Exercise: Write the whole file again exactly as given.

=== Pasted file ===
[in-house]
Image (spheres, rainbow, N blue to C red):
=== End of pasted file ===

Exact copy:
[in-house]
Image (spheres, rainbow, N blue to C red):